Make us your home page
Instagram

Today’s top headlines delivered to you daily.

(View our Privacy Policy)

Water not essential in fire station landscaping

PALMA CEIA — As part of Tampa Mayor Pam Iorio's pledge to become a certified "green city" by 2010, the city unveiled its first of 21 fire station properties where it plans to create xeriscapes with plants and mulch that require little or no irrigation.

"The old days of lush, green lawns and landscaping that takes a ton of water … those days are on the decline," Iorio said at Fire Station 14 on Church Avenue and Nepune Street on Wednesday morning. "We're not only saving money and saving water, we're also making the city more

attractive."

Fire stations were chosen, Iorio said, because they are community focal points that might set an example to home and business owners looking to meet what is becoming known as "Florida-friendly design standards."

Station 14 is one of the city's more visible fire stations and is now surrounded by plants native to Florida — African iris, European fan palm, peanut grass — that will thrive during both rainy seasons and droughts.

Tampa hopes to complete the fire station projects through public-private partnerships, at little or no cost to the city, said Thom Snelling, Tampa's deputy director of growth management and development services who recently also took on responsibilities as the city's green officer.

All of the plants, mulch and supplies used at Station 14 were donated by local nurseries, organic lawn care services and other businesses whose names were listed on a plaque in the station's lawn.

Water not essential in fire station landscaping 05/22/08 [Last modified: Thursday, May 22, 2008 1:33pm]
Photo reprints | Article reprints

© 2017 Tampa Bay Times

    

Join the discussion: Click to view comments, add yours

Loading...
  1. Quiet college dropout turned bomber: Who was Salman Abedi?

    World

    LONDON — He was quiet and withdrawn, a college dropout who liked soccer — and, some say, showed alarming signs of being radicalized years before he walked into a pop concert at Britain's Manchester Arena and detonated a powerful bomb, killing himself and 22 others.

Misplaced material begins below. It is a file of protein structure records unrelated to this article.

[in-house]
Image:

Salman Abedi was identified by British authorities as the man behind Monday’s attack.
  2. Soldiers launch attacks in besieged Philippine city

    World

    MARAWI, Philippines — Backed by tanks and rocket-firing helicopters, Philippine troops launched "precision attacks" Thursday to clear extremists linked to the Islamic State group from a city that has been under siege since a raid that failed to capture one of Asia's most-wanted militants.

    Soldiers fire at enemy positions Thursday while trying to clear the city of Marawi, Philippines, of armed militants.
  3. Back to .500, Rays feel ready to roll (w/video)

    The Heater

    ST. PETERSBURG — Who wants to be mediocre? Middling? Average? Run-of-the-mill?

    Rays catcher Jesus Sucre tags out the Angels’ Mike Trout trying to score from second base after a perfect peg from rightfielder Steven Souza Jr. in the first inning.
  4. Seminole man accused of fracturing 8-month-old baby's leg

    Crime

    Deputies arrested a Seminole man Thursday after he fractured an 8-month-old baby's bones, the Pinellas County Sheriff's Office said.

    Gary G. Gibeault of Seminole was arrested on a charge of aggravated child abuse.
  5. St. Petersburg's ballooning sewage debt could threaten credit rating (but there's a Hail Mary plan to avoid that)

    Local Government

    ST. PETERSBURG — The city needs a lot of money — $435 million over the next five years — most of it to fix its leaky sewer pipes and aging sewer plants.

    In September 2016, signs at St. Petersburg's North Shore Park warned people to stay out of the water due to contamination from sewage released by the city's overwhelmed sewer system. The City Council on Thursday learned that the very expensive fix for its sewage woes could hamper the city's credit rating. [LARA CERRI   |   Times]